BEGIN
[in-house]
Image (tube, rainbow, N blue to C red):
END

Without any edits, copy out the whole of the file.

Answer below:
[in-house]
Image (tube, rainbow, N blue to C red):